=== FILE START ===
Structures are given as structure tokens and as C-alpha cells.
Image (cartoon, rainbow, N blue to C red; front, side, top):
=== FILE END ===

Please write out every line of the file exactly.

Structures are given as structure tokens and as C-alpha cells.
Image (cartoon, rainbow, N blue to C red; front, side, top):